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Breaking Down BYU’s Ability To Make Deep NCAA Tournament Run



PROVO, Utah – BYU basketball has waited six years, but their time is here to compete in the NCAA Tournament once again. Entering its 30th NCAA Tournament appearance all-time, does this 2020-21 BYU basketball team have what it takes to make a deep NCAA Tournament run?

The last two times BYU has made deep NCAA runs featured the nation’s top player in their respective seasons in Danny Ainge (1981) and Jimmer Fredette (2011). There’s no Player of the Year on this BYU team, but as a collective group, this team with an energetic coaching staff could make this Indianapolis-based NCAA Tournament interesting.

Here’s a look at some factors that could play a big part in BYU potentially making a deep NCAA Tournament run.

BYU in NCAA Tournament: Cougars can win in a variety of ways

This year’s group often gets compared to last year’s team that had their season abruptly end due to the COVID-19 pandemic. Many would tell you that last year’s team featuring Yoeli Childs, Jake Toolson, and TJ Haws was better than this year’s group.

They were an offensive juggernaut; there’s no question about that. But this year’s group can win games in various ways, including when their shot goes sideways on them. That’s something last year’s team wasn’t known for.

If teams want to get into a defensive slugfest with BYU, the Cougars have the frontcourt this year that invites that type of play. Ask Purdue transfer Matt Haarms, and he would tell you that he loves a game played in the 50s. BYU won defensive battles against Saint Mary’s and San Francisco. They also displayed the offensive firepower that can build a double-digit lead on the nation’s top team. The question will be, which team shows up when the bright lights of March Madness turn on?

Three-point shooting

This isn’t your parent’s NCAA Tournament where Dean Smith is running a four corners offense with a star-studded North Carolina squad. Today’s basketball is all about knocking down the three. This year’s BYU team is rounding into form as one of the nation’s best.

After a shooting rut at the beginning of WCC play, BYU is suddenly No. 25 nationally in three-point field goal percentage at 37.8 percent per game. Alex Barcello is shooting 48.5 percent from beyond the arc, including a memorable 7-for-7 night in his penultimate home game as a BYU Cougar.

Reserves Trevin Knell and Spencer Johnson have been heating up as of late from deep, with both shooting above 40 percent.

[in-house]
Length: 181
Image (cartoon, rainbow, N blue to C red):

One of the nation’s top teams in assists

BYU comes into the NCAA Tournament averaging 16.6 assists per game. That’s good for 15th nationally. Whether it’s high/low action, pistol sets, or making the extra pass, BYU has shown a knack under Mark Pope to make the extra pass to find an open guy.

The Cougars need to make sure to take care of the ball with their passes. BYU is 273rd nationally in turnover margin at -1.7 on the year. There were positive signs of progress on the turnover front, especially against No. 1 Gonzaga last Tuesday in the WCC title game. BYU committed only eight turnovers in a championship loss. They will need to hover around that number or lower if they want to hang around Indianapolis for a while.

NCAA Tournament experience from senior leaders

BYU hasn’t been to the NCAA Tournament since 2015. One would think that this roster entering the Big Dance lacks any experience. Mark Pope has never been to the NCAA Tournament as a head coach, but he knows how to navigate the toughest tournament as he was part of Kentucky’s 1996 title squad. But Pope or any coach, for that matter, won’t be playing when the Cougars tip-off Saturday.

In this Transfer Portal era, where players are moving, BYU goes into Indianapolis with NCAA Tournament experience courtesy of transfer pickups. 7-foot-3 big man Matt Haarms boasts two years of experience in the Big Dance. Both times the Boilermakers advanced to the second weekend in those runs.

Guard Brandon Averette played his freshman year with Oklahoma State against Michigan, and Alex Barcello was part of the Arizona program who earned a 4-seed to the NCAA Tournament in 2018.

BYU can defend

According to Ken Pomeroy’s adjusted efficiency metrics, the Cougars come into the NCAA Tournament with the 26th best defense in college basketball this year. With WCC Defensive Player of the Year and Kareem Abdul-Jabbar Watchlist candidate Haarms in the post, BYU has a rim protector on the back end of their defense, and they are in the top 50 nationally in defending the three this year. Allowing opponents to shoot 40.8 percent from deep this season.